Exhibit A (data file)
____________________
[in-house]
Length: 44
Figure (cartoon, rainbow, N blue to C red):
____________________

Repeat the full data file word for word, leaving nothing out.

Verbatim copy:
[in-house]
Length: 44
Figure (cartoon, rainbow, N blue to C red):